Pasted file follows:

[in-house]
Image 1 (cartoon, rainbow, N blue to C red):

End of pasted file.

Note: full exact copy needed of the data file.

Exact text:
[in-house]
Image 1 (cartoon, rainbow, N blue to C red):